“It is very popular even knowing it may increase gas prices,” said John Anzalone, Biden’s leading pollster during his 2020 campaign.

Anzalone, who was not involved in the White House decision, pointed to recent polls from Reuters and Morning Consult showing that large swaths of U.S. voters support such a ban. 

When reporters asked Biden — who was traveling in Texas on Tuesday afternoon — if he had a message for Americans about the rise of gas prices, he replied bluntly, “They’re going to go up.” 

Asked if there’s anything he could do about it, he doubled down: “Can’t do much right now. Russia is responsible.”

The White House has concurrently been assessing options to mitigate any increase in fuel costs, including encouraging nations such as Saudi Arabia to boost production. Biden has already approved a release of millions of barrels of oil from the strategic petroleum reserve, and the administration has indicated in recent weeks a gas tax holiday is a possibility. 

“There are a range of options on the table,” Psaki told reporters Tuesday, without providing specifics.

While Republicans back Tuesday’s move, they’ve also been sharpening their attacks on Biden over spikes in gas prices and other everyday costs. Democrats say they’re ready for the hit.

“Republicans are going to attack him no matter what he does, so unlike [former President] Trump, he’s acting like a president and doing what’s best,” said Democratic strategist Eddie Vale. “A brutal dictator is attacking Ukraine and Biden has done amazing work to help unify NATO and the world on sanctions and now including energy too.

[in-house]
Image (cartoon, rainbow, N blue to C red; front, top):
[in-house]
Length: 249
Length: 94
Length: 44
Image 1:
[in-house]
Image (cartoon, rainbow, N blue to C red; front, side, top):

“And if Republicans are going to try and make a political fight out of this, not sure they want to end up on the side of Trump and others who are siding with Putin over America,” he said. 

Tuesday’s move was different from other sanctions done in concert with Western Europe, which is dependent on Russian gas supplies.  

“We did not expect nor did we ask them to take the same step that we announced this morning,” Psaki said Tuesday. 

Still, European nations offered their own intentions to reduce reliance on Russian energy. The European Union pledged to phase out Russian oil and gas imports by 2030, and the United Kingdom said it would cut off imports of Russia oil and oil products by the end of this year.

“A unilateral move was done in a coordinated way, which is exactly the way to do it,” said Charles Kupchan, who served as the senior director for European affairs at the National Security Council under former President Obama. “At no point do you want to give Putin a sense that there are cracks in transatlantic unity.”

Kupchan said Biden’s decision taken together with other sanctions would further squeeze the Russian economy and encourage American companies to stop doing business in Russia. 

“I see this as a strategy of starting big and then turning up the heat overtime,” he said. 

Tags Barack Obama gas prices Jen Psaki Joe Biden oil imports Russia Ukraine Vladimir Putin